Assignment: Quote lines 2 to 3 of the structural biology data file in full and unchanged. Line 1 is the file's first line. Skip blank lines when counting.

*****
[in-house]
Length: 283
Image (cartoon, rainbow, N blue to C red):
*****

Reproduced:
Length: 283
Image (cartoon, rainbow, N blue to C red):